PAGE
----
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24 1.3.3 Implications of Scale between the 1.4.1 Comparing Congestion Delay Two Study Areas between East and West Coast Mega-regions The first observation about the two study areas is that the West Coast generates about twice the volume of short dis- Importantly for the interpretations needed in this research, tance air passengers than does the East Coast. And within the those delays were not evenly divided between the two coasts. West Coast study area, it is the air trips between the Bay Area Figure 1.5 shows the sharp differences in the delay patterns of family of airports to the north and the Los Angeles Basin fam- the two coast study areas. The "Total Delay Index" (Figure 1.5 ily of airports to the south that dominate the travel. The Los and Table 1.2) has been calculated by the research team as the Angeles region, served by LAX, Burbank, John Wayne, Long average frequency of delay multiplied by the average duration Beach, and Ontario together, generates some 8 million trips of delay, plus the average frequency of cancellation multiplied to or from the Bay Area region, which is served by the airports by a value of 3 hours delay per cancellation. It is expressed as of San Francisco (SFO), Oakland (OAK), and San Jose (SJO). number of minutes of delay per total airport passenger. The In terms of coast-versus-coast comparison, the volume of index was calculated from Bureau of Transportation Statis- air travelers between the Los Angeles region and the Bay Area tics (BTS) Transtats data (5), for the 12 months between Jan- region is 5.3 times the air traveler volume between the New uary and December 2007. York region family of airports and the Washington/Baltimore The difference in the severity of the problem between family of airports. It is 4.7 times the volume between the coasts is somewhat surprising, given the widespread belief Boston region family of airports and the New York region that delays are ubiquitously distributed around the country. family of airports. It is also clear that air travelers on the West But, it is clear that what SFO experienced in 2007 is quantita- Coast have a short-distance trip generation rate that is more tively similar to the delay experienced at MHT and Providence, than three times that of air travelers on the East Coast. Chap- RI (PVD), which are regarded as East Coast airports with ter 2 will discuss in some detail the extent to which this dif- excess capacity and minimal delays. The economic impact ference in reliance on air travel can be traced back to a of the aviation delays at the larger airports is presented in massively higher dependence on rail in the East Coast study Section 1.5 for 2007 and Section 1.6 for 2025. area, particularly in and out of the New York region. 1.4.2 Where Is the Lack of Capacity? 1.4 The Problem of Airport From a nationwide perspective, there is no lack of airport Congestion in the Mega-regions capacity at which to provide hubbing operations. But inter- The research team has estimated that the phenomenon of connecting hub airport congestion is not the dominant factor aviation congestion associated with 11 of the largest airports in many of the project study areas where the most serious con- in the two coastal study areas resulted in passenger-perceived gestion occurs at the OD airports. In those cases where hub- delays calculated in the billions of dollars in 2007, as docu- bing activity occurs, as at EWR or Washington Dulles (IAD), mented in Section 1.5. the hubbing carriers have options to shift connecting traffic to Minutes per passenger trip East Coast Airports West Coast Airports Figure 1.5. Total delay index for East Coast and West Coast airports, expressed as minutes per passenger trip (5).

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25 Table 1.2. Total delay index (5). Total Delay Index for East and West Coast Airports, 2007 Airport Delay Index Airport Delay Index Newark 32.6 SFO 18.7 LaGuardia 29.5 LAX 13.3 JFK 27.7 LAS 13.2 Philadelphia 23.5 Burbank 12.3 Dulles 23.0 John Wayne 12.0 Boston 22.3 San Diego 11.7 Reagan National 20.1 Long Beach 11.3 Providence 19.3 OAK 10.9 Manchester 18.2 Ontario 10.5 Bradley 17.3 San Jose 10.4 BWI 14.5 other hub airports in their systems. The ability to shift connect- be seen as a "perfect storm" of capacity failure. The decision ing traffic to other airports makes congestion at connecting by one airline to build a major domestic hub at JFK was fol- hubs more of an individual airline problem than a broad pub- lowed by a competitive response by other major airlines at lic policy issue. In recent years, airlines have closed fully func- JFK. Those combined airline decisions turned that airport tional hubs at St. Louis and Pittsburgh, following the earlier from a major international gateway with congestion during abandonment of hubbing operations at places such as Kansas limited hours of international activity to the most congested City and Raleigh-Durham. In the current round of airline airport in the United States, requiring federal intervention in mergers, connecting hubs such as Cincinnati and Memphis are the form of flight limitations. In general, major study area air- now experiencing significant reductions in activity. The coun- ports have 3050% of their runway capacity devoted to oper- try has plenty of hub capacity available, in the event that carri- ations in small regional jet or turboprop aircraft in response ers hubbing in the mega-regions choose to shift connecting to airlines' scheduling decisions over which the airport oper- traffic away from those areas in favor of accommodating addi- ators have no control. tional OD traffic. The research question then turns to whether The events of the summer of 2007 were summed up by the decreasing domestic feeder services at coastal airports would or FAA, in the Federal Register of January 17, 2008, as follows: would not damage their support of important longer distance services. Chapter 4 of this report presents an analysis of the role Market competition spurred by new-entrant, low-cost carri- of longer distance flights needing to be fed by shorter distance ers and the competitive response by legacy airlines have gen- flights, presented on an airport-by-airport basis. erated much of the increase in air travel demand. Among the Having made large investments in airport capacity, opera- trends are new and expanded route networks to lesser-served markets connecting major hubs with regional jet service. The tors of airports in Kansas City, Raleigh-Durham, St. Louis, additional service in some cases provides no net increase in seats and, more recently, Pittsburgh had no effective control over between origins and destinations but provides more operations airline decisions to abandon those airports as connecting in the system with greater numbers of smaller capacity aircraft. hubs in their systems, thereby negating the substantial invest- The experience of summer 2007 shows that congestion is a ments in capacity at those locations. In the summer of 2000, problem today. Airlines at New York JFK International Airport SFO suffered significant delays due in large measure to the increased their scheduled operations by 41 percent between March 2006 and August 2007. As a result, the number of arrival delays decision by an airline to substantially increase the SFOLAX exceeding one hour increased by 114 percent in the first ten market with high-frequency shuttle flights. In the summer of months of fiscal year 2007, compared to the same period the pre- 2001, LGA airport was brought to a standstill by airlines' vious year. During June and July 2007, on-time arrival perfor- scheduling increases permitted by mandated relaxation of mance at JFK was only 59 percent. Moreover, delays resulting from pre-existing slot controls under the high-density rule. operations at New York metropolitan area airports alone can account for up to one-third of the delays throughout the entire national system. The congestion in the New York airspace has 1.4.3 Capacity Issue Reaches a Crisis: ripple effects across the national airspace system, causing flight The Summer of 2007 delays, cancellations, and/or missed connections. These delays impose economic and social costs on airline passengers and ship- Many of the factors associated with excessive demands on pers; airlines incur extra costs for fuel, flight crews, and schedulers. aviation came together in the summer of 2007, in what might Delays are likewise beginning to increase at San Francisco (6).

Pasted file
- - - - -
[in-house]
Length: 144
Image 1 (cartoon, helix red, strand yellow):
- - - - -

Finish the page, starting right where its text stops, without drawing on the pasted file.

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26 1.4.4 Defining the Problem: way stakeholders view passenger service and capacity man- Looking for Solutions agement. The airport managers and airlines spoke out against the idea of the federal government setting airport caps. Air- To examine the problem of capacity and demand manage- port management spoke as being responsible for the entry ment6 and implications of reducing congestion at airports, point of passengers to their city; the airlines were concerned members of the research team organized a session in January about the government engineering their business plans. In 2008 at the 87th Annual Meeting of the Transportation the panel discussion, the airport operators noted their desire Research Board (TRB) to discuss capacity issues at the New to "accommodate demand of folks who want to come to and York airport system and airport capacity issues nationwide. leave our region." It is for this reason then that the airport This session received input from an airport operator, an air- operators rejected the operational caps imposed, a sentiment line representative, a manager with a federal perspective, an the airline representative supported. aviation research academic, and aviation consultants. As the There is an interesting balance between providing fre- session unfolded, it was clear that different experts and stake- quency and providing reliability. Excessive frequency leads holders approach the subject of capacity and demand man- to low reliability, and vice versa. At the session, the aviation agement in a different way. Such a finding illuminated the research academic noted this delicate balance: complexity of the multiple interpretations of the problem. Discussions about capacity and congestion focused on issues to solve the problem we have to start looking at the demand side regarding the number of operations per hour at congested air- of the equation and find ways to reduce demand or to moderate ports. Multiple--not necessarily mutually exclusive--solutions demand into the busiest airports. . . . If you try to control were presented and debated such as operational caps, market- demand in aviation that means the airlines have fewer flights into the busiest airports. This does not mean that passenger service based mechanisms, technology enhancements, and multimodal has to be diminished, or that passengers have to take fewer trips. solutions. Main themes involved (a) the balance between offering passenger service in terms of flight frequency and More directly challenging the employment of very high destinations in a congested region and reducing delays and frequency at the expense of reliability, the aviation research unreliability that a congested airport or region can present academic followed up with a situation where "there are three and (b) who should be at the table to determine solutions to airlines that provide hourly service between LaGuardia and capacity and congestion problems. Washington National airport." In response to comments like these, the airline representative stated that "somebody's 1.4.4.1 The Balance Between Capacity demanding those services, whether it is because airlines offer Management and Passenger Service superior service to (rail service) or it beats driving." Further- more, not mentioned with this reasoning is that the airlines The balancing of passenger access times or schedule delay defend their market share by providing frequency; abandon- penalties with actual delay savings becomes a central theme ment of service does not immediately lead to a reduction in for resolution. On the one hand, the passenger values high- flights, as a competing airline can enter into the schedule at frequency services. At the same time, that passenger may be any time. The impact of lowering overall volume on the num- totally unaware that the lack of reliable services at the airport ber of flights scheduled is examined in Chapter 2, which pres- stems, in part, from the proliferation of high-frequency, low- ents a case study of the impact of a decline of air passengers capacity aircraft. Thus it becomes important to consider both between Boston and the New York airports. capacity management and passenger service when developing This discussion among multiple stakeholders shows how solutions. This is noted in the debate over operational caps, on there is not a clear path to choose in balancing flexibility and up-gauging, as well as in a discussion of multimodal solutions reliability. The following section addresses the need to involve to reduce redundancy in flights. Consistent with the themes multiple stakeholders in developing a solution. developed in this early outreach section, Chapter 5 elaborates on these themes, leading to suggestions in Chapter 6. At the TRB session, it was noted that restricting the num- 1.4.4.2 Multiple Stakeholder Solutions ber of operations per hour, or managing airport access to To sum up the challenges of providing and managing reduce congestion, gives an initial insight into the complex capacity and bringing all stakeholders to the table, the staff member from the FAA explained, "the administration does 6 As discussed in Chapter 5, the term "demand management" is used to describe not have the luxury of one solution that will benefit one seg- strategies to limit delays that occur if too many aircraft are scheduled to arrive at ment of society. We must balance all concerns." To find and an airport during a particular time. Under this use of the term, demand manage- ment is not meant to refer to any program designed to decrease the number of agree on solutions to capacity, delay, and congestion issues, trips made. there are complex roles and responsibilities that must be deter-